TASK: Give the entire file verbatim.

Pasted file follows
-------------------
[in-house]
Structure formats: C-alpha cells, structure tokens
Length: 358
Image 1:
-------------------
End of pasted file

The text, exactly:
[in-house]
Structure formats: C-alpha cells, structure tokens
Length: 358
Image 1: